(A) one-half to:

                                         (I) the decedent's paternal grandparents equally if both survive;
                                         (II) the surviving paternal grandparent; or
                                         (III) the descendants of the decedent's paternal grandparents or either of them if both are deceased, the descendants taking by representation; and

                              (B) the other one-half to the decedent's maternal relatives in the same manner; or

                    (ii) not survived by a grandparent or descendant of a grandparent on either the paternal or the maternal side, the entire estate to the decedent's relatives on the other side in the same manner as the half;

          (e) if there is no surviving descendant, grandparent, or descendant of a grandparent, to the person of the closest degree of kinship with the decedent. Except as provided in subsection (2), if more than one person is of that closest degree, those persons share equally.

(2) If more than one person is of the closest degree as provided in subsection (1)(e) but they claim through different ancestors, those who claim through the nearer ancestor must receive to the exclusion of those claiming through a more remote ancestor.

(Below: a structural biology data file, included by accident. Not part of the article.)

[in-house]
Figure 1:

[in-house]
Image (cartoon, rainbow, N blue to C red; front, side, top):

Montana Code Annotated 2005, 72-2-113

 

Requirement that heir survive decedent for one hundred twenty hours

An individual who fails to survive the decedent by 120 hours is considered to have predeceased the decedent for purposes of homestead allowance, exempt property, and intestate succession, and the decedent's heirs are determined accordingly. If it is not established by clear and convincing evidence that an individual who would otherwise be an heir survived the decedent by 120 hours, it is considered that the individual failed to survive for the required period. This section is not to be applied if its application would result in a taking of intestate estate by the state under 72-2-115.

Montana Code Annotated 2005, 72-2-114

 

No taker

If there is no taker under the provisions of this chapter, the intestate estate passes to the state of Montana.

Montana Code Annotated 2005, 72-2-115

 

Other intestacy statutes

There are additional statutes pertaining to the distribution of intestate property in the State of Montana. To view those statutes, please click here.